An OCP a day…

You know when your phone rings early in the morning, especially on a weekend, and it’s the person who takes care of your horse? If you’re anything like me your reaction is “ah, fuck” and in the millisecond it takes to hit the button to take the call, you’ve already run through any and all possible scenarios including but not limited to: colic, broken leg, and struck by lightning.

That’s normal horse people behavior, right?

And while this particular scenario wasn’t any of those things (thank every diety, knock on wood, pick a four leaf clover, stuff a few crystals up your butt, whatever it takes…) this past Sunday Presto did have a fever. While he’d been totally normal the day before, that morning he was picking at his food and seemed uncharacteristically lethargic (any and all brands of lethargy are uncharacteristic for that one), so Megan took his temp. 104.7. Yeesh. She was calling me to tell me what was up and that she wanted to take him to the emergency vet down the road, which of course I agreed. Those symptoms immediately make you think viral and ain’t none of us messing around with that given recent happenings.

They got to the vet, did bloodwork, checked him over, etc. All of his bloodwork looked great, and he had no other symptoms whatsoever aside from the fever and lethargy. He got some Banamine and got monitored for a while. Soon the fever broke and he was back to eating at least, even if a bit more subdued than usual. He didn’t have anything terrible so he got to go back home, with instructions to give him more Banamine if the fever came back and monitor him for any other symptoms. When Presto doesn’t feel good he gets particularly mopey and cuddly (the only time in this horse’s life where he’s ever remotely cuddly) and honestly I’m starting to think he likes Megan better than me (which I am supremely offended by considering how much effort it’s taken me to keep him alive to this point) so of course he wants to cuddle her when he doesn’t feel good. Traitor.

hold mah head pls BetterMom

The next day he did get a little bit of a fever again, so he got more Banamine. He’s gradually gotten better though and he’s continued to eat, and he seems to be out of the woods now (thank every diety, knock on wood, pick a four leaf clover, stuff a few crystals up your butt, whatever it takes…).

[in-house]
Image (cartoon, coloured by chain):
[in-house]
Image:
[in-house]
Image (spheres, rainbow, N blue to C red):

And because Megan is the best and Presto has a way of working his goofiness under your skin, she went to the store and got him some Oatmeal Creme Pies as a special “feel better soon” snack while he was sick. Coincidence that they actually worked? I think not. OCP’s are magical. Facts. An OCP a day keeps the doctor away, or something like that. Pretty sure that’s how the saying goes.

taking his vitamins

Of course she’s been offering OCP’s to all of her horses too, because as soon as one of them sees a treat being dispensed you have to give a treat to all of them (horse rules, I didn’t make it up) and now they’re all addicted. Yet another new OCP Club inductee. I think Little Debbie at least owes me some swag by now, considering how many OCP sales my horses have generated.

Hopefully Presto is past this little bug and can get back into the swing of things! The struggles of being a baby horse…

10 thoughts on “An OCP a day…

  1. I’ve had that happen to me….My phone ran at 4am and it was the gal who (at the time) had her horses next to mine at the barn. One of her horses was due to foal soon, so she had been sleeping at the barn and checking, as you do. I saw the caller ID and thought, “Shit, either she noticed something wrong with my horse or something is very wrong with hers and she needs a set of hands.” [She knew I lived about 6 minutes away]. Turns out it was the latter and she was looking for suggestions for a vet because hers wasn’t answering and she also knew my vet was a good friend of mine. Still not a fun call.

    Glad Presto is doing better!


  2. Aw poor dude! Fevers are no joke! Any chance it was anaplasmosis? Glad he’s on the mend, keep the oatmeal creme pies coming:)


    1. Second the idea of anaplasmosis or Lyme. At least here in Virginia, a sudden fever and lethargy usually results in a diagnosis of some tick borne disease. Nasty buggers….


  3. I recently used OCP’s to dispense Bute to my filly – broke it in half, opened it up, squeezed out the required amount of Bute onto the exposed creme filling, smashed it back together. I fed her the undoctored half first, then the Bute-filled half. She never even slowed down, and it was a heck of a lot easier getting it into her that way than trying to squirt it into her mouth – I always wind up making a mess of it and the horse spitting out half, etc. This was a game-changer for me!


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